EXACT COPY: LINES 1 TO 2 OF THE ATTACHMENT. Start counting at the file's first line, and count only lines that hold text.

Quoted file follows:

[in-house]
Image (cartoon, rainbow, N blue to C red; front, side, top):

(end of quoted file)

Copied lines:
[in-house]
Image (cartoon, rainbow, N blue to C red; front, side, top):